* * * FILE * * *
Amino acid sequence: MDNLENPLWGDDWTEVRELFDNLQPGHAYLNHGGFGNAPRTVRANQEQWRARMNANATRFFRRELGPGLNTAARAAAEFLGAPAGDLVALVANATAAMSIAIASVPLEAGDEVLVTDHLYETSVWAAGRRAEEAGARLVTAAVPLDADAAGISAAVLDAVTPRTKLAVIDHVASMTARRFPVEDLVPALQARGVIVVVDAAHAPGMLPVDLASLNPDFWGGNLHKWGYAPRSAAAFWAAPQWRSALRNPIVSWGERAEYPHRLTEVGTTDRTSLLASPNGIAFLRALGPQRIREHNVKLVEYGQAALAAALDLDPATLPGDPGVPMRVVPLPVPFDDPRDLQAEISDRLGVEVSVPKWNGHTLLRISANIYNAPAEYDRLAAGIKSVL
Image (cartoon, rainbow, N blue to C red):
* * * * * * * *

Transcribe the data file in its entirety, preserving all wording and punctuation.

Amino acid sequence: MDNLENPLWGDDWTEVRELFDNLQPGHAYLNHGGFGNAPRTVRANQEQWRARMNANATRFFRRELGPGLNTAARAAAEFLGAPAGDLVALVANATAAMSIAIASVPLEAGDEVLVTDHLYETSVWAAGRRAEEAGARLVTAAVPLDADAAGISAAVLDAVTPRTKLAVIDHVASMTARRFPVEDLVPALQARGVIVVVDAAHAPGMLPVDLASLNPDFWGGNLHKWGYAPRSAAAFWAAPQWRSALRNPIVSWGERAEYPHRLTEVGTTDRTSLLASPNGIAFLRALGPQRIREHNVKLVEYGQAALAAALDLDPATLPGDPGVPMRVVPLPVPFDDPRDLQAEISDRLGVEVSVPKWNGHTLLRISANIYNAPAEYDRLAAGIKSVL
Image (cartoon, rainbow, N blue to C red):